Here, the world of science seems to be split. Some physicists take their cue from classical thermodynamics, rule out retrocausality as a matter of principle and interpret the quantum equations accordingly. Others are prepared to consider retrocausality if it turns up in the maths. Quantum weirdness includes things like wave-particle duality, uncertainty, superposition of states and nonlocality. Many of these aspects have made similarly contentious entrances over the years and mainstream opinion is hardening towards the view that, whatever form any such weirdness might be recast in or reinterpreted as, if it appears in the maths and is borne out by experiment then it must ultimately be accepted as an intrinsic fact of nature. For now, quantum retrocausality remains a work in progress.
But modern information theory has not really been aware of this distinction. For example the laws of thermodynamics, relativity and quantum mechanics must obviously apply to physical information. But it is less obvious how they should apply to symbolic information. None of the these three pillars of physics has anything to say about symbols or can express the idea of a falsehood carried by it.
On this basis, there is no immediate reason why symbolic information should be bound by thermodynamic causality, i.e. why it should be time-bound as opposed to merely logic-bound. A symbol may propagate backwards in time without breaking any physical laws, but to achieve that its physical carrier must also be able to do so. And that, of course, must depend on how quantum retrocausality pans out.
The behaviour of information in quantum systems is an even more recent crossover between these various theories. Crucially, it is beginning to bring insights into how they all hang together and how some of the unresolved isues within them relate to each other. In classical thermodynamics, information always increases, so to work backwards from an outcome to its cause requires more information to work with than simply following the cause through to its effect. But in quantum mechanics the amount of information remains constant throughout. Clearly, the concepts of "information" in these two disciplines must be different. One hopes that the still-emerging field of quantum thermodynamics may one day clarify such issues.
We already know that the amount of quantum information needed to describe any given system is less than the amount of classical information required for a thermodynamic description. This is attractive to computational modellers, who are always seeking elegant shortcuts to speed their calculations. But it can lose any sense of direction in time, challenging our ideas on our measurement or perception of that direction. And that brings us back to one of the central conundrums of quantum mechanics, the role of the conscious observer in determining the outcome of any experiment, along with its accompanying paradoxes such as Schrödinger's cat and Wigner's friend.
Where there is a quantum experiment, there is a conscious observer, and where there is such an observer, there is a mind built of quantum interactions. Might retrocausality occur in such a context?
Precognition, as postulated in theories of parapsychology, is an example of retrocausality at the macroscopic level. No psychic phenomenon of any kind has yet been reliably demonstrated to mainstream satisfaction. But then, as I have come to discover, most have not been reliably falsified either. Sceptical investigators have been every bit as guilty of bad science as the proponents. The scientific case is not as closed, either way, as many would have us think.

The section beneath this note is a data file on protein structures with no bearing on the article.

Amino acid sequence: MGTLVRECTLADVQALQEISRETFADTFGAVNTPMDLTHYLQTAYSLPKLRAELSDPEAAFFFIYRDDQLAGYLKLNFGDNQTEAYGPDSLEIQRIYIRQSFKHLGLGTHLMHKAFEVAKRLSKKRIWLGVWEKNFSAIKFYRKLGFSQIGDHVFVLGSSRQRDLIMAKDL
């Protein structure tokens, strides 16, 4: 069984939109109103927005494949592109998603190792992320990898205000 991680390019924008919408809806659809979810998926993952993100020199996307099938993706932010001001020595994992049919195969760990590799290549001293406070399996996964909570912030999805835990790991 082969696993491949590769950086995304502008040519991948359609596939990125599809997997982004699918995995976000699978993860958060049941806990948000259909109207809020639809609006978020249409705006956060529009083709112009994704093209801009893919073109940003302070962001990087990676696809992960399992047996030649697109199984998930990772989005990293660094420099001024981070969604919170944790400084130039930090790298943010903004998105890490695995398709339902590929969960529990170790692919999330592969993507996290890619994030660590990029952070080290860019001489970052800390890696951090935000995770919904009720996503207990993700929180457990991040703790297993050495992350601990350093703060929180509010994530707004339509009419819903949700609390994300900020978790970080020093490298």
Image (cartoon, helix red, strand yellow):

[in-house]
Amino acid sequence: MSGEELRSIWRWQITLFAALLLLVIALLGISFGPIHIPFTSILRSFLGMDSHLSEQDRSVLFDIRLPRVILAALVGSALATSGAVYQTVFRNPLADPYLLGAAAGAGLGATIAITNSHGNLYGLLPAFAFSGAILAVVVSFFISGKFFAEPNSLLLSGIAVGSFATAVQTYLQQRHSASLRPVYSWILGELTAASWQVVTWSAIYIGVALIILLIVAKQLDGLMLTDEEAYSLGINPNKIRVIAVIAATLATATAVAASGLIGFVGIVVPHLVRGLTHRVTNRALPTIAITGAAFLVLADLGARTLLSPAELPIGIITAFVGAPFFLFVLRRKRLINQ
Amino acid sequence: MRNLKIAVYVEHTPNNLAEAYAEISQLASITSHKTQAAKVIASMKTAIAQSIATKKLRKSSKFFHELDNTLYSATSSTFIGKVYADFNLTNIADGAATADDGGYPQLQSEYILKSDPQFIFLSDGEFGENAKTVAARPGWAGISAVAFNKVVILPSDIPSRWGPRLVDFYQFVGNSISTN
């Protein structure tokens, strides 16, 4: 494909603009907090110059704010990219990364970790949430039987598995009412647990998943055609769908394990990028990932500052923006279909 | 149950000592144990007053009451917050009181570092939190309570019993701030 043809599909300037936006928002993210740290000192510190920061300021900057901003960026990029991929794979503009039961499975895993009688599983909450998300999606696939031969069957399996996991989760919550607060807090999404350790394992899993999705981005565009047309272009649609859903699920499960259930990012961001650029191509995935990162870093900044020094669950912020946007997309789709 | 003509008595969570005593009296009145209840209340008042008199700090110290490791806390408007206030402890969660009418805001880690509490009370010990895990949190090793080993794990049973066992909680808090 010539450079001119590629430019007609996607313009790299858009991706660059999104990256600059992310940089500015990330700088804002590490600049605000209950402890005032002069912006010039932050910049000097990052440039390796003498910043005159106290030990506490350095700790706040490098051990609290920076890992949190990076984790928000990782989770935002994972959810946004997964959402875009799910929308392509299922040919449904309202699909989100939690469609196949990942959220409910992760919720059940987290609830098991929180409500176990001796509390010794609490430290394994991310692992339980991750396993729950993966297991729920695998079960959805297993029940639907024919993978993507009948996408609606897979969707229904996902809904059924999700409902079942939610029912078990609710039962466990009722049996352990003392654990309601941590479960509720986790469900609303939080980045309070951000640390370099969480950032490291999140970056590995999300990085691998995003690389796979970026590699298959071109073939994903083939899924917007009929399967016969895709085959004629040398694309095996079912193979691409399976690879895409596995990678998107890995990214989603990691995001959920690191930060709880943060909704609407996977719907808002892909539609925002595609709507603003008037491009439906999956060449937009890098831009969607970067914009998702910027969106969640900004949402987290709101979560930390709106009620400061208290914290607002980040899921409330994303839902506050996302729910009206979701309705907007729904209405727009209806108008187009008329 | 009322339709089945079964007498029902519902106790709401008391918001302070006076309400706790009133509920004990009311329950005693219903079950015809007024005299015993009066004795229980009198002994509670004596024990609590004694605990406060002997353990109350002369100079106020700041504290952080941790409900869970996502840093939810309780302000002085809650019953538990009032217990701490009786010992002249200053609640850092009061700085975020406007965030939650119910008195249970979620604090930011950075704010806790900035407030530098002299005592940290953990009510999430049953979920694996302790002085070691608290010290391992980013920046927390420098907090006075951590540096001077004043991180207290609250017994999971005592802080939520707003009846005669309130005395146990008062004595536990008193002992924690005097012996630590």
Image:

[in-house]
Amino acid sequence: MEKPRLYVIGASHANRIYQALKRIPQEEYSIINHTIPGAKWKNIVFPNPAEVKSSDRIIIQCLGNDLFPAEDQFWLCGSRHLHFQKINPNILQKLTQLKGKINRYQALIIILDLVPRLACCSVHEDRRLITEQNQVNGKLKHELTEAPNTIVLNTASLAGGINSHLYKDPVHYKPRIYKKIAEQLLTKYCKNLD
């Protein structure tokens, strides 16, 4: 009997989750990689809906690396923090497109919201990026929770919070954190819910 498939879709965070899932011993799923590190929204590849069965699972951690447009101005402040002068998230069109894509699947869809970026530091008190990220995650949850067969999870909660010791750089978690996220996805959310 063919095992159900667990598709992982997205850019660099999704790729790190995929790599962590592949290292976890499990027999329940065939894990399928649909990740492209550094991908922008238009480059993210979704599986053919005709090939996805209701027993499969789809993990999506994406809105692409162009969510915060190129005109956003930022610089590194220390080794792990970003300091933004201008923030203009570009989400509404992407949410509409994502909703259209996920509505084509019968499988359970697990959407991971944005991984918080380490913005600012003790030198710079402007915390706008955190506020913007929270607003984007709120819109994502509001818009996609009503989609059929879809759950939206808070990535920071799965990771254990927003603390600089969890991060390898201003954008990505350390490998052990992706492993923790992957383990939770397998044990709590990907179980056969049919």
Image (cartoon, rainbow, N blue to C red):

If quantum effects can indeed travel backwards in time and carry symbolic information with them (which is still debatable), and if brain physiology relies on quantum effects for its function (which it does) then technically this might leave open the door to retrocausal mental phenomena such as precognition. In particular, JW Dunne theorised that precognition references one's own future experiences rather than any external event. Such a model at least confines the phenomenon within a single human brain and thus avoids the need for action-at-a-distance, rendering any conceivable mechanism that much simpler and less implausible.
We are still a long way from a useful theory of quantum retrocausality, and even further from any hope of discovering it at work in a conscious brain. A further caveat, if one were needed, is that so far related weirdness effects have been identified only in a limited number of well known, if incompletely understood, physiological phenomena such as ion channels across nerve synapses. Attempts to provide quantum-weird paradigms for unexplained aspects of the mind, such as memory, have so far proved untenable. In the main they seem to have been ill-conceived, with their proponents apparently lacking sufficient appreciation of quantum theory or neurology or both.
Other potentially retrocausal psi phenomena which extend beyond the brain, such as clairvoyance and prophecy, would require far wider manifestations of quantum weirdness and are to that extent far less plausible.
Expanding the influence of quantum weirdness to demonstrate precognition would be an enormous step. How likely it is must depend on one's personal point of view. Nevertheless, its presence in the brain at an inter-molecular level perhaps lowers the credibility barrier a little to the idea that a developing theory of quantum causality might remain consistent with precognition. Who knows, it might even shed light on the role of the conscious observer in quantum measurements.
1. Viatko Vedral; "Law and Disorder", New Scientist, 7 April 2018, pp.32-35.
2. Adam Becker; "Blast from the Future", New Scientist, 17 February 2018, pp.28-31.
3. Leah Crane; "Quantum Thinking Can Ignore the Flow of Time", New Scientist, 28 July 2018, p.7.
4. JW Dunne; An Experiment with Time; AC Black, 1927 (many later editions).
Updated 3 Nov 2018